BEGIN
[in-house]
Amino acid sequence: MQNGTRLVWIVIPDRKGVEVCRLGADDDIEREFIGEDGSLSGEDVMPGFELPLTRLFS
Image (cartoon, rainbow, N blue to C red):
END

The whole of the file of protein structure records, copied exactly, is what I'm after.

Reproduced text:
[in-house]
Amino acid sequence: MQNGTRLVWIVIPDRKGVEVCRLGADDDIEREFIGEDGSLSGEDVMPGFELPLTRLFS
Image (cartoon, rainbow, N blue to C red):